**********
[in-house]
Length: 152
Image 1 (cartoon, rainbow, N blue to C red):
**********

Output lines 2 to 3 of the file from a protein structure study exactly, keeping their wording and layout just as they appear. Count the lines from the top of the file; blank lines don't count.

Length: 152
Image 1 (cartoon, rainbow, N blue to C red):